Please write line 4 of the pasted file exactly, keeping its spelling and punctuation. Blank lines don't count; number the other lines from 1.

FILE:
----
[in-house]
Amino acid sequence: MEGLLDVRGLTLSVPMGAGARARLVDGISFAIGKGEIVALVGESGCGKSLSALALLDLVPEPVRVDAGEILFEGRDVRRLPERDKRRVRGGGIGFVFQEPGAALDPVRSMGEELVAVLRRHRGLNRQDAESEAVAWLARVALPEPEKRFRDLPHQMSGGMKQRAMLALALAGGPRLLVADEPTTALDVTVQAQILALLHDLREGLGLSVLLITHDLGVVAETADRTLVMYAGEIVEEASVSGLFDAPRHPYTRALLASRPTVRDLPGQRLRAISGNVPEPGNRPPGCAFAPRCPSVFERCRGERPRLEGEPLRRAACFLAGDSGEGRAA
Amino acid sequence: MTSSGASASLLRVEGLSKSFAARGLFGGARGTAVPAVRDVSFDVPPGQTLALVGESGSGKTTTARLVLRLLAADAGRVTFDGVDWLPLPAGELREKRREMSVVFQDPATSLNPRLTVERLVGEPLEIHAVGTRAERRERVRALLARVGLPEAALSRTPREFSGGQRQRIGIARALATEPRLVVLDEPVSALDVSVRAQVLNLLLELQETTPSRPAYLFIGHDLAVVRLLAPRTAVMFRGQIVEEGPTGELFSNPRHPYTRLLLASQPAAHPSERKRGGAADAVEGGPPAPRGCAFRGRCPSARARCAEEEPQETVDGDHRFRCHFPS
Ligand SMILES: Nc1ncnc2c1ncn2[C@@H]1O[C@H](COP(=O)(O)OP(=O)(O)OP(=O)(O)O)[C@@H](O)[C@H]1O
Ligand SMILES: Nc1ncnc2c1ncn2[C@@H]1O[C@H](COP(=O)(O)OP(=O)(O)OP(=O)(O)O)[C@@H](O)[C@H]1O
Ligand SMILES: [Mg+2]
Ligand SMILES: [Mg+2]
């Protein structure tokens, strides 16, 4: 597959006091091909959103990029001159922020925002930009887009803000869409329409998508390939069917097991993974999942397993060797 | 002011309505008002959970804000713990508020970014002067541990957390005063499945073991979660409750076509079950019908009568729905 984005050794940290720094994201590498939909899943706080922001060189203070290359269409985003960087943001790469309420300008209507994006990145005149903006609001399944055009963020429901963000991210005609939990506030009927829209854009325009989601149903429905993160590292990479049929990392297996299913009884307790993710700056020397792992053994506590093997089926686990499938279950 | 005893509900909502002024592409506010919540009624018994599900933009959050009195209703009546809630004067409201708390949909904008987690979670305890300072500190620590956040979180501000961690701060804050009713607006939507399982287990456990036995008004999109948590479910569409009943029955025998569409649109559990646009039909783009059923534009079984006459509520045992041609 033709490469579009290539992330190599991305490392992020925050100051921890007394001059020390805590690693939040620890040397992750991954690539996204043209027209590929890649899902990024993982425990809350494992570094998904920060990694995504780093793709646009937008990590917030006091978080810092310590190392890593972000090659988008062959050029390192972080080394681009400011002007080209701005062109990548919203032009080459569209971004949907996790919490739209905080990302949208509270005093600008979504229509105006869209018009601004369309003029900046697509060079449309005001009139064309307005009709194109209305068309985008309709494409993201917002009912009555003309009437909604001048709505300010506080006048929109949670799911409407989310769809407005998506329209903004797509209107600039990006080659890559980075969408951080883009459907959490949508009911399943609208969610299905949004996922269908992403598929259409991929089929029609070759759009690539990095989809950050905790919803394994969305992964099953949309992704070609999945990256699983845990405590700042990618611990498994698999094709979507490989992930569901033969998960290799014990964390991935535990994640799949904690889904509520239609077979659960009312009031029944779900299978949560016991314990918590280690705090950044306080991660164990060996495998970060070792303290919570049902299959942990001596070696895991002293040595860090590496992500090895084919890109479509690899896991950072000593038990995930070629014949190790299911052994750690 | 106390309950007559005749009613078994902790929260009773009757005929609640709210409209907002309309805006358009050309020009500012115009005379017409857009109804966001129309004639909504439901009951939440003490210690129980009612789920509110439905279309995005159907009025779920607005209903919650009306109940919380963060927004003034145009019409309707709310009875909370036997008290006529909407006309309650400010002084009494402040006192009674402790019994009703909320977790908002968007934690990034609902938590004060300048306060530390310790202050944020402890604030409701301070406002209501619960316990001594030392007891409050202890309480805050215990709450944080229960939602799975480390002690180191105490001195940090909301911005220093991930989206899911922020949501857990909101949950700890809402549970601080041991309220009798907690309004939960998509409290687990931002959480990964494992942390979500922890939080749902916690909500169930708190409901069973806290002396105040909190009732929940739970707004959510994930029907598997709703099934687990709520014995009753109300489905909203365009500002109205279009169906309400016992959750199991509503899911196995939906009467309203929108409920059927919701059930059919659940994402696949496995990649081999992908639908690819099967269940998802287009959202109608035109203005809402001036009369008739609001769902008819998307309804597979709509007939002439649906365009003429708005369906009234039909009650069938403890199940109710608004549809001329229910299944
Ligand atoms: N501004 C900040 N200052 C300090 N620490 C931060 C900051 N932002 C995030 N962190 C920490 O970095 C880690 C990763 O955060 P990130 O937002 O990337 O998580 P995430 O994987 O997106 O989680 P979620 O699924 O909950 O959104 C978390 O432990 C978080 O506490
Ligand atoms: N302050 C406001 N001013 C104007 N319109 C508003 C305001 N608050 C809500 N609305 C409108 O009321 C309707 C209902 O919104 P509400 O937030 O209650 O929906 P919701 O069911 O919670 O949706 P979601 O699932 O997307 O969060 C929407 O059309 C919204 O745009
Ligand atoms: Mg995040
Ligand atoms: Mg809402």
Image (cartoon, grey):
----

Ligand SMILES: Nc1ncnc2c1ncn2[C@@H]1O[C@H](COP(=O)(O)OP(=O)(O)OP(=O)(O)O)[C@@H](O)[C@H]1O